Let me give you a few more things, based on Office of National Statistics data for 2009 that were more deadly than bee, wasp and hornet stings combined.

Bee, wasp or hornet stings: Total deaths 4

Eye diseases: Total deaths 5
Being hit by a train as a pedestrian: Total deaths 35
Falling on, or down stairs: Total deaths 644
Falling from a cliff: Total deaths 18
Being hit by an inanimate object (either falling or having been cast): Total deaths 39
Dog attack: Total deaths 5
Drowning in the bath: Total deaths 33
Accidentally suffocating in bed: Total deaths 11
Starvation: Total deaths 6
Herpes: Total deaths 23
Alcohol abuse: Total deaths 645.

But let’s abstract a little more. The deaths related to insect stings are almost exclusively caused by allergic reactions, therefore it is an underlying medical issue (allergy to wasp venom) and not necessarily the wasp that is to blame for the death.

Wine: Through abuse alone it is 161.25x more deadly than wasps, bees and hornets combined in the UK (at least in 2009). (Credit: Public Domain)

Acute myocardial infarction (a heart attack) is caused when a decrease, or total stop, of blood flow to areas of the heart muscle causes those areas to be damaged or even undergo full tissue death (that’s what infarction means). Studies have shown that certain stressful events or situations can trigger an infarction in people already prone to the condition. For example a Dutch study in 1996 estimated an approximate 14 extra deaths of cardiovascular disease (infarction or stroke) correlated with an important football match, Netherlands versus France at Euro ’96.

There were 27,163 deaths from acute myocardial infarction in the United Kingdom in 2009. I bet you more than 4 of those were caused by outrage due to wildlife persecution. I’d bet good money on triple-figures being caused by sex or sexual arousal! Chances are more than 10 of those were related to shouting at politicians on the telly and do you see people calling for politicians to be culled?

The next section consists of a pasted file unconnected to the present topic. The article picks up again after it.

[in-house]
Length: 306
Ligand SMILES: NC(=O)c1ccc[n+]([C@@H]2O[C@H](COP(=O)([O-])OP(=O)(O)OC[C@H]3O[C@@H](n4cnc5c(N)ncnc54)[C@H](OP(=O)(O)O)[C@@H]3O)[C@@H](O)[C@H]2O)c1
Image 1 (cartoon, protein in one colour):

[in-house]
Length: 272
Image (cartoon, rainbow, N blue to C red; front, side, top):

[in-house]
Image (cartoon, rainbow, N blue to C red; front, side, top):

…Actually…forget that last bit, yes you do.

Obviously I’m being a bit flippant. Wasp stings are venomous, can cause a nasty reaction and may require treatment but in most healthy people they are not a potentially lethal danger, in fact they are barely more than an inconvenience. In my life I have never knowingly suffered a bee, wasp or hornet sting, and I have spent time going out looking for bees, wasps, hornets and their nests!

A wasp sting (often referred to as a ‘stinger’ but the correct scientific term is actually ‘sting’) with a droplet of venom. I couldn’t find an identification of species but you can see…it’s a sharp spike that’ll probably hurt. (Credit: Pollinator CC-BY-SA 3.0)

Deaths from bee and wasp stings seem to only occur in people who have an allergic response to the venom. Globally they may also occur in people who have been stung sufficiently to be overwhelmed by the venom but this requires a remarkable amount of stinging and data suggests these common, eusocial wasps, your standard yellowjackets, have the most potent venom of all the wasps. Even then I believe it is approximately 20 stings per kg required to reach the lethal level of venom, meaning an average man (and deaths from wasp, bee and hornet stings disproportionately affect men, around 80% of global aculeate related deaths are men – So I’m not being sexist when I use a male model) weighing, say, 70kg would require 1,400 stings to die from the venom alone. It’s a lot, not impossible when you consider a swarm of hundreds of wasps and that they can use their sting repeatedly, but it’s still incredibly uncommon for someone to die of wasp stings exclusively with no allergic reaction involved.

So if they’re not killing people in droves I genuinely don’t understand why they are perceived as so dangerous. Beyond the fact that their stings hurt and we find it unpleasant there is no evidence they are a significant agent in human mortality.  

Wasp Hate as Social Conformity

I highly suspect there is an aspect of aversive psychology going on in our dislike of wasps, but I also think it an unreasonable one, caused by us giving the wasp morality it cannot possess and agency it doesn’t have. When a wasp stings us, it hurts and we blame it. However I have caused myself significantly more pain and injury catching my toe on the castor on the base of my bed. I have not removed them, I have not hired a company to come around and dispose of them and I do not blame the castors or the bed. As noted above, there were 644 deaths from stair or step-related falls in 2009. I do not see building companies decrying elevating platforms and multistory buildings a ‘deadly’ and ‘dangerous’ ‘pest’! I don’t see bungalows springing up across the country.